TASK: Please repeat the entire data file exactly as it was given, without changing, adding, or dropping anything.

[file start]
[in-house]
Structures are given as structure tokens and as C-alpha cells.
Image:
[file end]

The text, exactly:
[in-house]
Structures are given as structure tokens and as C-alpha cells.
Image: